This is what I think I said …


The Jolly Pilgrim Launch Speech

I’m a happy person. Whatever reasons of nature or nurture incline some people towards optimism, and others pessimism, predisposed me to having a sunny disposition.

In addition, I’m an optimist about the trajectory of human affairs. I genuinely feel, deep in my heart, that our collective future will ultimately be bright and that there is something wonderful going on, right here right now, on this planet.

There’s more to it though: I have an intellectual conviction that those things are true. The more I’ve learned about planet Earth, how it works and the story which brought us to where we are, the more I feel that we – as a species – are basically on the right track.

In this book, I’m going to explain why I think that.

Six years ago, I set off for what I hoped would be a character-building adventure. When I did so, I decided to keep a diary. The main reason for this was that, at the time, I had two elderly parents. I was aware how difficult it is to keep in touch when you’re in foreign lands for long periods, and the diary was a mechanical way of doing this. The second reason was that, in this age where everyone travels and has email addresses, communiqués from distant lands are a common occurrence.

But I felt the medium had untapped potential.

The first phase of my character-building adventure (or Part 1, as we refer to it in the book) consisted of a five-month cycle ride from London to Istanbul. During that time, I had two epiphanies.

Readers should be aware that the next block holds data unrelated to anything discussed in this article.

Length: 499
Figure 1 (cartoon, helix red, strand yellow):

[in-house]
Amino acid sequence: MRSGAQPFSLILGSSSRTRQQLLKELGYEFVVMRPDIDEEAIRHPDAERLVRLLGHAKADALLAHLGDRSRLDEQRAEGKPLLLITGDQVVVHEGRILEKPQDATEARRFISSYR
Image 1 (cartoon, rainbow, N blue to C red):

The first epiphany took place at Chartres. Chartres is 90 kilometres west of Paris and its cathedral is one of the crowning architectural achievements of human civilisation. But that’s not important right now. What’s important is that I spent the afternoon of my I visit in the town’s campsite, drinking Bordeaux out of a white plastic cup and reading a piece of prose by H. G. Wells.

The prose is called ‘The Discovery of the Future’. In it, Wells sets out a vision of humanity stripped of the illusion of individuality, which sees us all as part of a greater whole. It affected me deeply. Here it is.

[At this point Kirsty Wood stepped forward to read.  I asked if she needed a microphone. She (a professional actress) gave me a look that implied I was a moron, then read the piece].

We look back through countless millions of years
and see the great will to live struggling out of the inter-tidal slime,
struggling from shape to shape and from power to power,
crawling and then walking confidently upon the land,
struggling generation after generation to master the air,
creeping down into the darkness of the deep.

We see it turn upon itself in rage and hunger and reshape itself anew,
we watch as it draws nearer and more akin to us,
expanding, elaborating itself, pursuing its reckless inconceivable purpose,
until at last it reaches us and its being beats within our brains and arteries,
throbs and thunders in our battleships, roars through our cities,
sings in our music and flowers in our art.

It is possible to believe that all the past is but the beginning of the beginning,
and that all that is and has been is but the twilight of the dawn.
It is possible to believe all that the human mind has accomplished
is but the dream before the awakening.

Out of our lineage minds will spring
that will reach back to us in our littleness
to know us better than we know ourselves,
and reach fearlessly forward
to comprehend a future that defeats our eyes.

This world is heavy with the promise of greater things.
A day will come, one day in the unending succession of days, when beings,
beings who are now latent in our thoughts and hidden in our loins,
shall stand upon this earth as one stands upon a footstool,
and shall laugh and reach out their hands amidst the stars.

[Back to me]

The second epiphany took place in Istanbul.